Figure 6. Critically-limited non-linear flow phenomena. Invasion percolation: (a) Drainage experiments conducted by Furuberg et al. (1996) on a bead array, (b) A dynamic invasion percolation model for gas migration though mudrocks (Impey et al. 1997). Fracture flow, (c) Injection of water into fractured unlithified mud (A.J. Bolton and M.B. Clennell, unpublished results), (d) Electrical circuit with a hysteric switch. Common features are evident: Pulsatile flow, regular cycling of flow episodes, and period doubling whereby the interval between pulses reduces by half during an experiment. Higher flux would drive the system into chaos (see Acheson 1997).

(1998) showed that in aquifers with a continuous water flow the dispersive transport of dissolved oxygen can be inhibited significantly by sequestration of the gas into these trapped bubbles. In compacting sediments the pressure of capillary gas seals could help maintain overpressures (Hovland and Judd 1988, Shosa and Cathles 1996, Kuo 1997, Revil et al. 1998).

The trapping ability of sediments clearly depends on the continuity of the layers that have the highest capillary entry pressure (see Ho and Webb 1998). A thin layer of mud is just as effective a seal to two phase flow as is a thick layer (Watts 1987), but thin muds do not stop diffusive methane transport. Gas can dissolve on one side of a capillary barrier, and without the entry pressure being exceeded, pass by diffusion through the layer of fine sediment, and reappear by evanescence of the other side (Miller 1980). If the bubbles on the upper side can move away though buoyancy, then the process can continue ad infinitum.

Further, gas bubbles can exsolve in positions along the flow pathway, and eventually coalesce into a stringer that spans across the capillary barrier, without the sequential bottom-to top process of invasion percolation necessarily occurring (Li and Yortsos 1995). Bubble strings do not even need to merge completely for transport to be greatly enhanced (Fig. 7).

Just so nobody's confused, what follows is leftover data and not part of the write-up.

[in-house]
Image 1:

Fully Saturated:

diffusion in liquid phase only, low flux

Fully Saturated:

diffusion in liquid phase only, low flux

Unsaturated:

diffusion jumps in gas bubbles, high flux

Unsaturated:

diffusion jumps in gas bubbles, high flux

Figure 7. Catenary transport (Heard 1994). Methane can diffuse via a chain of gas filled bubbles separated by water filled pores in a process termed catenary transport. While the bubbles themselves are stationary, they permit a through fluxes of methane and water going from globally high to globally low chemical potentials.

The amount of methane that can be transported by advection, and the purely diffusive flux are both limited by the low level of methane saturation in the pore water. Mechanical and capillary effects on saturation discussed above are critically important when we try and predict these fluxes. Excess gas in supersaturated solution can move freely by advection though throats that would block the transport of the same gas in bubble form. If more gas is in solution in a fine layer because of capillary supersaturation, there will be a gradient in its chemical potential that has the capacity to drive a diffusive flux towards a region of normal saturation or undersaturation. On the other hand, if pore pressure drops due to mechanical disturbance, then gas can exsolve and become trapped in the new pores or fractures.